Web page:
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Coping with psychosocial problems in the event of a reactor disaster
- Nuclear accidents can lead to psychosocial problems in the affected population.
- Reasons for this may include evacuation, social exclusion or uncertainty about health consequences.
- The minimising of psychosocial problems has to be integrated into the emergency management for nuclear accidents.
In the case of natural disasters, for instance severe earthquakes or floods, the affected population carries a high psychological burden. This also applies to catastrophic nuclear accidents as in Chernobyl and Fukushima.
Emergency response measures e.g. evacuation, relocation or decontamination measures are a serious interference in the lives of those affected and considerably impair their physical, mental and social well-being.
Uncertainty causes illness
Psychosocial consequences occur independently of the actual radiation exposure and the possible health consequences involved. Going through emergency response measures, missing or incomprehensible information and inadequate communication may cause anxiety. As a consequence of the radiation exposure, relocated individuals may also be socially excluded in their new environment. These burdens lead to mental illness in many affected individuals.
Ionising radiation cannot be perceived by human senses and, for lay people, radioactivity is a risk which is difficult to estimate. Subsequently, the affected individuals are often deeply unsettled as far as the level of exposure and possible health consequences are concerned.
Certainty through reliable information
Consequently it is important to satisfy the need for information of those affected and to make reliable information available via the Internet, the press and television. Social media are becoming increasingly important with the rapid dissemination of information. At the same time, the potential for uncertainty is especially large when unverified information is disseminated by a large number of different participants.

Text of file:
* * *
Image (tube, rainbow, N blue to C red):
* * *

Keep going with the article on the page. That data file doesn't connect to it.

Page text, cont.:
Research on psychosocial problems following nuclear accidents
Research on the reactor disasters of Chernobyl and Fukushima has shown that uncertainty and anxiety states have a significant impact on the health of many of the affected individuals.
Scientific knowledge on the psychosocial consequences following (nuclear) disasters is available now, but has not yet been integrated into the planning of radiological emergency preparedness. So far, protective measures have only been based on the possible physical consequences of radiation exposure.
Complementing emergency preparedness by psychological aspects
This is about to change. At the international level, competent authorities and organisations are working towards integrating psychosocial after-effects into the measures for the protection of the population. Physical and psychological consequences are considered together in the process.
Particular attention is paid to the communication of the potential negative effects of risk technologies, so-called risk communication. Confidence in expertise should be boosted by imparting special knowledge in order to reduce anxiety. This approach should contribute to prevent panic reactions in an emergency situation and to thereby diminish negative psychological effects.
Another aspect is the qualification of the personnel deployed on the scene in the event of a disaster. In addition to special knowledge about health aspects, it is very important to look after the affected individuals intensively, to enhance their feeling of security and to attend to their personal needs.
Workshop: Consideration of psychosocial after-effects
In Germany, the knowledge on the psychosocial after-effects of nuclear accidents are to be integrated into the planning of the radiological emergency preparedness. As a first step, the Federal Office for Radiation Protection (BfS) organised the interdisciplinary workshop
"Coping with psychosocial problems and communication concepts in nuclear emergency preparedness" together with the Federal Office of Civil Protection and Disaster Assistance (BBK) and the Centre for Security and Society of the University of Freiburg in October 2016. At the workshop, authority representatives, disaster control officials and scientists discussed this subject.
State of 2017.11.28